Responsible pet owners know young and adult animals need a yearly checkup by a veterinarian. They may also realize senior pets should see a vet twice a year. But owners can’t depend only on checkups to catch problems: They need to look for changes in pets’ bodies and behaviors. Some diseases require immediate attention. And knowing the warning signs of cancer in pets may make a significant difference in treatment options and prognosis for survival.

Doctors diagnose more than 10 million new cases of cancer each year in dogs and cats across the United States, and cancer remains the leading cause of death in middle-aged pets. Animals age at a faster rate than humans, so a year in your life equals several years in theirs. That’s why early detection remains crucial.

Nine Possible Warning Signs of Cancer in Pets

These break down into three categories: Obvious physical changes, ranging from lumps to bleeding; subtler changes in the body; and behavioral changes related to diet, exercise and other habits. Whether or not these indicate cancer, you’ll want a vet to help you pin down the cause of any abnormalities.

Major Physical Changes

Swellings that persist or continue to grow over a few weeks’ duration could be indications of a tumor, from a bump on the leg (especially if your pet is lame there) to swollen lymph nodes around the jaw, shoulder, armpits or behind the legs. Run your hands regularly all around your pets to check for irregularities. They’ll appreciate the attention.

A discharge or open wound that won’t heal could be a sign of infection or cancer. Blood, pus, vomit, diarrhea or other abnormal excretions should be checked immediately by a veterinarian. Oral cancer can make gums bleed, while colon or rectal cancer can cause blood in stools. Be aware that skin tumors may initially be misdiagnosed as infections./We generally associate limping or other evidence of persistent pain with arthritis or muscular injury, but those can also be signs of cancer. Your vet may recommend an X-ray to rule out bone cancer, especially if you’ve noticed a lump that doesn’t get smaller on a limb.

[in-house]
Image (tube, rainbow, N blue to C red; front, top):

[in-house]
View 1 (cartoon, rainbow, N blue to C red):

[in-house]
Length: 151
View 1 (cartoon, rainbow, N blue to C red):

Subtler Physical Changes

For all the jokes about “dog breath,” offensive odors from mouths, ears or other parts of the body should be checked out, especially if they smell different to you. Foul odors can be tipoffs to tumors in the mouth, nose, or anus. Not all pets with oral cancer exhibit pain or have trouble eating, so be wary of unfamiliar odors.

Constant coughing and difficulty breathing more often indicate problems in the heart and lungs, but they can be cancer-related: A tumor near the esophagus, nose or lungs can block airways, or cancer can spread to the lungs. Dogs with lymphoma may have coughing or noisy breathing because of enlarged lymph nodes in the throat.

Changes in urination and defecation may not be obvious but keep an eye out. Causes can be as mild as a urinary tract infection or as severe as a tumor in that tract or a mass near the anus. Imaging tests help vets figure out the cause.

Behavioral Changes

These can be difficult to track, especially in cats; they mask weakness and discomfort well. If your pet suddenly drops food or becomes a messy eater, a tumor in the mouth or neck may be putting pressure on the area, so it’s difficult eat or drink normally.

Diminished appetite can be a normal sign of aging, as in humans, but animals never stop eating without a cause. If your pet isn’t on a diet and loses weight, find out why. Anorexia and weight loss are the most common indicators of severe illness in cats. Chronic vomiting or diarrhea may also be signs, though dietary change, stress or unsuitable foods can induce those symptoms.
If a dog or cat seems weak, lethargic, intolerant of exercise or simply less interested in things he typically loves to do, something’s wrong. These may or may not be warning signs of cancer in pets, but a diagnosis by your veterinarian will point you in the right direction.

Think of CARE as the animal version of a medical center for humans. It provides all forms of treatment for pets through emergency care 24 hours a day and 365 days a year. It also offers board-certified specialty care, after you get a referral from your primary veterinarian. You’ll find a visual tour of the practice at

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